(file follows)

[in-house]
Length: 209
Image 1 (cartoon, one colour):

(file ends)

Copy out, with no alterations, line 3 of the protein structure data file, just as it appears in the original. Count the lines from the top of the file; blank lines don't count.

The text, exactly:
Image 1 (cartoon, one colour):